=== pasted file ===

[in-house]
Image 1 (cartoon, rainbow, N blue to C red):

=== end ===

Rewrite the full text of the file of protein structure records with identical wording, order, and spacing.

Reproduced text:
[in-house]
Image 1 (cartoon, rainbow, N blue to C red):